The change to our force was imposed by the political leadership. It caused some angst, and a few people left. Many spouses were against the change. Many were unfazed. Some reasoned that they didn't want their democratic society to ban their daughters from serving their country in submarines if a workable solution could be found. I had some doubts. Today, women in submarines in Australia is successful and taken for granted.

I have served with men and women that I never want to go to sea with again. I have also served with men and women I would hand pick for a crew if I had the chance. There are some challenges that are unique to a female crew, but I have seen them serve distinction at sea for up to 55 days between ports.

Having been to sea in 688s and completed a deployment in a RN S class boat, I think the domestic challenges of introducing women to the USN sub service are the same and as stated by others here, it is probably more a case of "when" rather than "if" it will happen.

9/26/2009 11:00 AM

Blogger Jarrod said...

1) Wives aren't in the Navy, so their policy input isn't worth anything. If it were, we wouldn't be working 14 hours a day and standing four section duty.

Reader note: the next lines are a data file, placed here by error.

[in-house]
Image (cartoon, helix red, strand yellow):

2) Are the wives really that mistrustful of their husbands? I pity you if your relationships are so weak. Either way, have you forgotten that subs make port calls in places that have women who love American men (Australia) and in places infamous for sex tourism (Thailand)?

9/26/2009 11:18 AM

Blogger Jarrod said...

3) When I was a plebe my squad leader was on the powerlifting team and wound up going into the EOD community. I have no doubt that she'd be able to handle a submersible pump or a fire hose. (Not that it matters, but to head it off she was smokin' hot, too.)

4) Introducing women into the force would require submarine sailors to grow up, it's true. I'm hard pressed to see how that's a bad thing. Everyone else in the world has had to advance past adolescence and be professional.

9/26/2009 11:40 AM

Anonymous Anonymous said...

When ADM Mullen was CNO he also publicly stated that he supported women serving on submarines so this news report is not a change of position on his part. Additionally, a former MCPON and submariner, Master Chief Scott, also publicly stated that he thought it was time for women to be allowed to serve on submarines -- four years ago.